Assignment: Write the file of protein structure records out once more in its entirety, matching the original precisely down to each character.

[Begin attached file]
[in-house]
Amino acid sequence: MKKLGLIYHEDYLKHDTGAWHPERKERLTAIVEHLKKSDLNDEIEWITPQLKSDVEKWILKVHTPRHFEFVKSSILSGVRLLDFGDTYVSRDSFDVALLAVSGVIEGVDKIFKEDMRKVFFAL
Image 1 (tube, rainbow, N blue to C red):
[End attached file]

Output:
[in-house]
Amino acid sequence: MKKLGLIYHEDYLKHDTGAWHPERKERLTAIVEHLKKSDLNDEIEWITPQLKSDVEKWILKVHTPRHFEFVKSSILSGVRLLDFGDTYVSRDSFDVALLAVSGVIEGVDKIFKEDMRKVFFAL
Image 1 (tube, rainbow, N blue to C red):